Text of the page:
Clinton, Obama Face Off in Mild-Mannered Hollywood Debate

Hillary Clinton and Barack Obama met face to face for their last debate before Tuesday's California primary. But if you were looking for fireworks, you were likely disappointed. KPCC's Special Correspondent Kitty Felde reports the tone inside the Kodak Theatre reflected the one outside: a friendly rivalry rather than a bitter knock down, drag out fight.

Kitty Felde: The courtyard at Hollywood and Highland was filled with fans of both senators. They waved signs like "Bricklayers for Hillary" and "Barack, welcome to Hollywood." But the tone was more that of a street party than a nasty dispute within the Democratic Party. Twenty-somethings Paula Black and her friend Devin Geamard were thrilled to be here.

Paula Black: It is people, cameras, excitement, everybody's just so excited.
Devin Geamard: It's alive. The whole scene is alive. People are moving. It's great. I love it. Go Obama.

Felde: Cindy Kirchen came out with her 24 year old daughter to support Hillary Clinton.

Cindy Kirchen: We really believe that it's time to have a woman in the White House. She's got more experience than all the men, across the board.
Daughter: And not just Democratic men.

Felde: But even the Kirchens couldn't be too critical of those who support the senator from Illinois.

Cindy Kirchen: I think you have a lot of first timers that are just jumping on a bandwagon to be on a bandwagon. If you sit down and ask 'em, "What are Obama's platforms, and how does he expect to pay for these programs," you draw a blank stare.

So I think it's an uneducated crowd in there. But it's good to see people wanting to get the Democrats in office, quite frankly. At least they're not staying home. They're doing something about it.

Felde: The debate itself was equally civil. Criticisms were tempered with politeness, as in this exchange over driver's licenses for undocumented immigrants.

Senator Barack Obama: The only point I would make is Senator Clinton gave a number of different answers over the course of six weeks on this issue, and that did appear political. Now at this point, she's got to clear position, but it took a while.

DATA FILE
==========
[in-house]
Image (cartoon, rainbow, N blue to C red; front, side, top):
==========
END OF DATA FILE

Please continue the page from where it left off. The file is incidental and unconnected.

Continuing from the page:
Senator Hillary Clinton: Well, I just have to correct the record for one second, because obviously we do agree about the need to have comprehensive immigration reform, and if I recall, about a week after I said I that I would try to support my governor, although I didn't agree with it personally, you were asked the same question and could not answer it. So this is a difficult issue.

Felde: In the spin room after the debate, no one seemed surprised at the cordial tone. Obama supporter L.A. City Council President Eric Garcetti knows something about debate etiquette. He was part of the debate squad in high school.

L.A. City Council President Eric Garcetti: First of all, it was not the bloodsport that everybody was looking for. It showed a Democratic Party that can agree to disagree at times, but is united in a contrast with Republicans.

Felde: Congressman Brad Sherman of the San Fernando Valley is a Hillary Clinton supporter. He says the candidates made a conscious decision to speak positively about themselves, rather than attack each other.

Congressman Brad Sherman: I think this is a party that wants to unify behind its nominee. And not a party that wants to see its candidates make that impossible. The Democratic Party that some of us remember is the one that loses. We know and love the new Democratic Party that's going to win.

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